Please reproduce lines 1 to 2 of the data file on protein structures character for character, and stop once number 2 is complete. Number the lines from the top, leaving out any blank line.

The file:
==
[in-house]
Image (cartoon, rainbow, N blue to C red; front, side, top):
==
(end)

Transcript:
[in-house]
Image (cartoon, rainbow, N blue to C red; front, side, top):